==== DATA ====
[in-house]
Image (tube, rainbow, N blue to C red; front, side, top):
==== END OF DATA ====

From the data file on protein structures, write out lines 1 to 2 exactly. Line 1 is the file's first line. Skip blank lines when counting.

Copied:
[in-house]
Image (tube, rainbow, N blue to C red; front, side, top):